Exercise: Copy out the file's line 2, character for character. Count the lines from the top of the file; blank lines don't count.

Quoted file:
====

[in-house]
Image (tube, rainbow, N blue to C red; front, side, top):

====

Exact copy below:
Image (tube, rainbow, N blue to C red; front, side, top):